social network

Web L.0neliness: Quantity vs. Quality in The Social Network

Boy meets girl. Girl dumps boy. Boy creates Facebook. Boy friends girl.

That, in simple form, is the plot of David Fincher’s The Social Network, but Fincher and scriptwriter Aaron Sorkin know how to make a simple plot compelling, addictive—a bit like Facebook, actually, by inserting a question. Does boy create Facebook, or steal Facebook? The answer may depend on how many friends you ask.

Fittingly, for a movie about new media, The Social Network derives its drama from numbers. Even the tagline, “You don’t get to 500 million friends without making a few enemies,” points to a lopsided equation, with huge numbers of people on one side, and a select few on the other. It is quantity vs. quality. For Mark Zuckerberg (Jesse Eisenberg), the huge numbers are easy to get. It’s the select few he is unable to win over.

High numbers are tossed about from the opening scene, where we see Mark asking girlriend Erika Albright (Rooney Mara) how a person can stand out in an environment where everybody has a 1600 SAT score. Unsatisfied with merely being admitted into one of the world’s most exclusive colleges, Mark wants to be selected for membership at one of the truly elite all male final clubs. Throughout the conversation, Mark is oblivious to the ways that his casual arrogance insults Erika, only getting the message when she abruptly dumps him. In an effort to have the last laugh, he returns to his dorm, badmouths her in his blog, hacks into databases containing the ID photos of Harvard’s student dorms, and creates Facebook’s precursor, Facemash, a site where guys can compare two women and rate which one is “hotter.”

This is where the relationship between quantity and quality becomes dramatic. The Facemash site gets 22,000 hits in its first two hours, and is eventually shut down by Harvard’s network administrators. Mark is hauled before a disciplinary board and given academic probation, but he also becomes famous enough on the campus to attract the attention of the Winklevoss twins. The Winklevosses (Armie Hammer) are handsome, athletic, brilliant, wealthy, and thoroughly elite members of Harvard’s Porcellian Final Club, exactly the sort of people Mark wants to get to know. They seek him out to ask if he might like to be the coder on their new online venture, Harvard Connection, a very exclusive social network where invited participants can make quality friendships. Without hesitation, Mark says, “I’m in,” agreeing to their terms, and then rushes out to create his own social network, “the facebook,” from which he summarily excludes the Winklevosses.

Despite the fact that Mark misled the Winklevosses, and probably stole their Harvard Connection idea, it is hard to sympathize with the twin brothers. Their civil suit, which forms a big part of the backdrop of this film, will ultimately land them a $65 million settlement for their part in Facebook. They will continue to live the charmed lives of the exclusively elite, competitively rowing in international tournaments and rubbing elbows with European royalty. Even Harvard president Larry Summers basically tells them to get over it when they complain about Mark’s ungentlemanly conduct. It is much easier to sympathize with the other person suing Mark in this film, his best friend, Eduardo Saverin (Andrew Garfield).

Eduardo, a business major at Harvard, gave Mark his startup capital, and was the first to encourage him to think beyond Harvard to allow other Ivy Leaguers to sign up for Facebook. He is completely supportive of Mark, serving as Facebook’s business manager, until he is pushed out by Sean Parker (Justin Timberlake), the Napster co-founder who, with his silver-tongued patter, steals Mark’s loyalty away from Eduardo just as effortlessly as Timberlake steals every scene he appears in. More than any other character, Sean Parker understands the impact of quantity in the Web 2.0 era. “A million dollars isn’t cool.” he tells Mark, “You know what’s cool? A billion dollars.”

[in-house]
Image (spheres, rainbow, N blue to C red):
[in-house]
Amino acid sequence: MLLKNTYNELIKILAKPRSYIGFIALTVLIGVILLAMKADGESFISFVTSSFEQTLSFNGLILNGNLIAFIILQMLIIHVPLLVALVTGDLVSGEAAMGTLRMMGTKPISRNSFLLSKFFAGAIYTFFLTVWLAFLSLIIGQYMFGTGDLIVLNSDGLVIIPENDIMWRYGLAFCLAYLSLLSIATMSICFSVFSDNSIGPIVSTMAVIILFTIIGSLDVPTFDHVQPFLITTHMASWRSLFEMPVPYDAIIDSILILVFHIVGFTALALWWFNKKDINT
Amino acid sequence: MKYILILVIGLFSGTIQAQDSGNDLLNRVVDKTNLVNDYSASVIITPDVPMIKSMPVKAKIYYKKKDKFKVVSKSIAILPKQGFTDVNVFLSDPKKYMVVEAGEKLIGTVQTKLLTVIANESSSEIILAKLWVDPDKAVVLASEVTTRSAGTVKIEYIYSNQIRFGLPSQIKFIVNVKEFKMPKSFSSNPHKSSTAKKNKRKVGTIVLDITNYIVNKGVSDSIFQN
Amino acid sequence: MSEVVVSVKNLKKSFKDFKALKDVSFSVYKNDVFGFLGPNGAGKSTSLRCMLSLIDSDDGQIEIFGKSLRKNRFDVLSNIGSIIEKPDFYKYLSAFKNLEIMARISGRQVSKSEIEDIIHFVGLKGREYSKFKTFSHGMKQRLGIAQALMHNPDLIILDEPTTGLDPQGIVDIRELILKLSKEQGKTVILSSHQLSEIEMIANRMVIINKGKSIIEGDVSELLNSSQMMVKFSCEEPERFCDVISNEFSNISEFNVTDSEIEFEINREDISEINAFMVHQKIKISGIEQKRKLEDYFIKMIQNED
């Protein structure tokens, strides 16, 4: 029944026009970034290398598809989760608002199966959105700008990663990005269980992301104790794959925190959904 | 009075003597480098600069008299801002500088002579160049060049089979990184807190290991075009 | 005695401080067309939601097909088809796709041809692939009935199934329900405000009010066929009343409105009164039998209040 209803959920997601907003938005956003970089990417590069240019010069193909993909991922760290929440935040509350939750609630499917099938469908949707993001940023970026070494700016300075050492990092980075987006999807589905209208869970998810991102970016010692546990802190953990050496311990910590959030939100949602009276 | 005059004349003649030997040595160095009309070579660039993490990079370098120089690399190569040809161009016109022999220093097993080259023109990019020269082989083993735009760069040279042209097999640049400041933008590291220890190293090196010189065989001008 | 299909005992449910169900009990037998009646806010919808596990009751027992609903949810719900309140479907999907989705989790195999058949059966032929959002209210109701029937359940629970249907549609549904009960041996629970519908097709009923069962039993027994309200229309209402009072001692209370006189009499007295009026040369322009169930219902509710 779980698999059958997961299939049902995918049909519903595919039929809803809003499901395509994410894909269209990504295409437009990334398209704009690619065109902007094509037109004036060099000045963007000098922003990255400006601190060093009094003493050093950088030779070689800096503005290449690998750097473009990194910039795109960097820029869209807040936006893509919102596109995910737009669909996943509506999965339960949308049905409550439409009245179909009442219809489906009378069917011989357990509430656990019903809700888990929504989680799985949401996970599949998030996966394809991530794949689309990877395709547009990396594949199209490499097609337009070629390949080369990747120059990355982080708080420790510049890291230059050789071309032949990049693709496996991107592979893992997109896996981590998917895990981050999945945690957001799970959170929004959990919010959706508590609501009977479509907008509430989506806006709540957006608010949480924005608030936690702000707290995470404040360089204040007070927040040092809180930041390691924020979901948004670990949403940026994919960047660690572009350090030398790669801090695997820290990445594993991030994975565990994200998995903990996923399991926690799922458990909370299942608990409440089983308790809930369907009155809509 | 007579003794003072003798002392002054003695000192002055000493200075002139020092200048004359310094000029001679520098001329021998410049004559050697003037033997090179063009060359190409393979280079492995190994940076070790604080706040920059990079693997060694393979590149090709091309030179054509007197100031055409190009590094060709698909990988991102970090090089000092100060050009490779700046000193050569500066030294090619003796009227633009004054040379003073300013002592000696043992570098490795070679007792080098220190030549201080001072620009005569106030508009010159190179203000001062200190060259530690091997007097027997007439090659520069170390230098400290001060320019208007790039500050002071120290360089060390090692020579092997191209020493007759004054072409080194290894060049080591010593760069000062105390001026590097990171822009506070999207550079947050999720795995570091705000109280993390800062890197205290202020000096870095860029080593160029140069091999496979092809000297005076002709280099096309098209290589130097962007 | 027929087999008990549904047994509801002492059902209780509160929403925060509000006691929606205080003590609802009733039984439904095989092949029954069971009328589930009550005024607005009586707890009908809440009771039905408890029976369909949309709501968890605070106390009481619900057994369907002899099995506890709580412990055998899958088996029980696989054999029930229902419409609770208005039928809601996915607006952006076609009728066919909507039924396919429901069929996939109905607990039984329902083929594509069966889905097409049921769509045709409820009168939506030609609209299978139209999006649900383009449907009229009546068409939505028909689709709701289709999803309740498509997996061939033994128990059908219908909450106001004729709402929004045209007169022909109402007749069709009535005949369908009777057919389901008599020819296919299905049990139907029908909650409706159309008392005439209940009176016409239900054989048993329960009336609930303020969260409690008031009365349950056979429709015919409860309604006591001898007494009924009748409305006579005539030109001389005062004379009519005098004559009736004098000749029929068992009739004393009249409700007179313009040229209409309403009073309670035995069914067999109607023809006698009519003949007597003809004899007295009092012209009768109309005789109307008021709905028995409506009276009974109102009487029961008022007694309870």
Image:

Suave as Mephistopheles, Sean persuades Mark to move to California, meet with venture capitalists, expand Facebook beyond the US, all without alerting Eduardo, whom Sean sees as naive. Eduardo only realizes he has been ousted when he sees the value of his share of Facebook stock has dropped to one one thousandth of its original worth. In the film, this betrayal is carefully timed to coincide with the celebration of Facebook’s one millionth member. It is one of many indicators in The Social Network of the triumph of huge numbers that characterizes the Web’s second decade. Hits on a website can be monetized. Millions of people can be mobilized with a mouse click, but what does it mean to have so many virtual “friends” if you can’t keep even one “real” friend?

The last image of the film paints a compelling portrait of Web 2.0 loneliness. All the attorneys and witnesses have gone home after a long day of hearings and depositions. Mark sits alone with a laptop. He finds his former girlfriend Erika on Facebook, and slowly, with several contemplative pauses, sends her a friend request. The film ends with Mark repeatedly hitting the refresh button on his browser, waiting to see if Erika accepts him as a friend. A title overlay tells us he is the world's youngest billionaire.

The Social Network is largely based upon Ben Mezrich’s controversial book, The Accidental Billionaires. Is any of it true? Not according to Facebook’s founder, who has stated that Facebook will officially ignore the movie in the hope that it goes away. That doesn’t seem to be happening, though. The Social Network has been number one at the box office for two weeks running with critics claiming the film is an Oscar contender. The same numbers that made Mark Zuckerberg famous are now flowing toward a movie that portrays him as infamous, and we all know that numbers don’t lie.

 

Joseph Christopher Schaub, CineMatters: October 2010.